Well, it's no surprise that Chris Johnson thinks that you either choose between transient accuracy and tonal purity with mp3, after all, he's the author of airwindows test site... A test site that uses inverse mixing for measuring quality of psychoacoustic codecs.. 
Can something be more inaccurate than claims like these..?

Tord came up with Blade's tonal purity when he was incapable to implement proper block switching and use of short blocks. Unfortunately so many people bought it, not very surprising though that Chris Johnson bought it, after all, his tests have nothing to do with measuring of quality of psychoacoustic codecs..
Title: 'tonal Purity'? 'musicality'?
Post by: Cygnus X1 on 2002-09-11 16:01:46
I don't buy the whole "tonal purity" argument with any codec, be it MP3, MPC, ATRAC, whatever. If one cannot ABX a sample from the source, that means that the encoding will sound no worse than the wav. Thus, proponents of the tonal purity theory should try comparing the original CD with the compressed recording, not just by themselves (it's easy to "make" people think that one recording sounds better when in fact it is of lower quality). If they indeed cannot be told apart, that means that the encoding cannot be any less pure (tonally) than the original CD!

As for MD, I think it has its uses. I own both MD and MP3, and use MD while exercising/etc due to the good battery life and being able to swap media if I so choose. I usually recommend it to friends who want good battery life and cheap media, but beyond that, MP3 players are a much more flexible choice. However, I was able to ABX a whole slew of samples a couple of years ago, so I wouldn't think of using it in a serious listening environment. Like I've said before, ATRAC is an unimpressive algorithm IMO, considering the type of artifacts (crackling, pre-echo) it produces at 292kbps ... ....perhaps this goes to show what proper tuning of a codec can do, in that since ATRAC is proprietary, it cannot be "tweaked" like some have done with MP3 and AAC.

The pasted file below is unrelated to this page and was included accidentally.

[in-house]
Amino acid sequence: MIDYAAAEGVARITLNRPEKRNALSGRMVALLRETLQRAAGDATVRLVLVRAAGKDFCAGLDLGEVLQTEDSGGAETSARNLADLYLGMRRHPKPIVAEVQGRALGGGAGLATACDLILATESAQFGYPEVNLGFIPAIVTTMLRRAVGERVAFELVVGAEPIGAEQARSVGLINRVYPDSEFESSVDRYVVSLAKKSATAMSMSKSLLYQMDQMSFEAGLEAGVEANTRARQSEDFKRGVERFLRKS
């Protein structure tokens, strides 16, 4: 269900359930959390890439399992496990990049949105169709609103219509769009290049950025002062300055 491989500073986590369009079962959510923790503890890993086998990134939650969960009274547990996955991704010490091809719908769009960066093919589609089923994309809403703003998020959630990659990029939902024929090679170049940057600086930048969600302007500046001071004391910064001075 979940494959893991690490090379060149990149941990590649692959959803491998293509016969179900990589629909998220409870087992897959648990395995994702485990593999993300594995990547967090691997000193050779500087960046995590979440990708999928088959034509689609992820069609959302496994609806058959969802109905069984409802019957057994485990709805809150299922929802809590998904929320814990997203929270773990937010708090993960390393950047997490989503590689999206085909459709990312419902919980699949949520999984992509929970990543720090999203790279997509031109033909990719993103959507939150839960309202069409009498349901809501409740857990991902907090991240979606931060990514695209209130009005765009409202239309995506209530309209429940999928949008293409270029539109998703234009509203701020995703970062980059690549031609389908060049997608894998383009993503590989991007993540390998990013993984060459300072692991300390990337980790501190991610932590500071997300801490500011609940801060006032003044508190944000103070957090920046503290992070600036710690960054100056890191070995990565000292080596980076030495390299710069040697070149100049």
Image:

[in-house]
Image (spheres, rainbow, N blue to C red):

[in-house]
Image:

Title: 'tonal Purity'? 'musicality'?
Post by: Joe Bloggs on 2002-09-11 16:24:39
Can you ABX 'tonal purity' and 'musicality'?

Like I said in the subtitle...

I'm sure that at some level (obvious enough) you can, but do any of you subscribe to the idea that there are some things that you can't ABX but nevertheless feel? (I'm not sure where I lie on this matter  )
Title: 'tonal Purity'? 'musicality'?
Post by: JohnV on 2002-09-11 16:39:29
Well, what's bother me most in this "tonal purity" discussion, is that tonal purity would obviously refer to as little as possible audible quantization noise in non-transient sections of music. What does transient handling has got to do with this, like Tord and Chris Johnson imply?? How does proper transient handling possibly could automatically make an mp3-codec less tonally pure in non-transient sections of music?

What comes to Vorbis "tonal purity", before 1.0 its bitrate tripped often much too low with non-transient signals, like mouth-organ, making the sound very "tonally impure", meaning of course that the sound is harsh because of audible quantization noise due to too low bitrate.